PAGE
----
- Supporting the decision by the Centers for Medicare and Medicaid Services (CMS) to eliminate cost sharing for Medicare beneficiaries who have a colonoscopy in follow-up to a positive at-home colorectal cancer test and for Medicare to cover colonoscopies beginning at age 45.
James Casey’s music video from his first solo album, featuring artists who have all had colorectal cancer, was sponsored by Olympus.
As a leading medical technology company, Olympus delivers innovative medical technology, therapeutic intervention, and precision manufacturing used in diagnostic, therapeutic, and minimally invasive procedures. For more information, visit medical.olympusamerica.com.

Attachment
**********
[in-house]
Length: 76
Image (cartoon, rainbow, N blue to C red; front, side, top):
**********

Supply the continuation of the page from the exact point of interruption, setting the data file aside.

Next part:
- U.S. Preventive Services Task Force, “Final Recommendation Statement, Colorectal Cancer: Screening.” May 2021
- American Cancer Society, “Cancer A-Z: Colorectal Cancer Risk Factors.” Rev. June 2020
- Turner, K.; Genta, R.; Sonnenberg, Amnon, “Lesions of All Types Exist in Colon Polyps of All Sizes,” The American Journal of Gastroenterology. February 2018
- American Cancer Society, “Cancer Facts & Figures 2023”
- Zocdoc, “Zocdoc Reports: Cancer Screening and Prevention.” October 2022
- American Cancer Society, “Cancer A-Z: Colorectal Cancer Screening Tests.” Rev. June 2020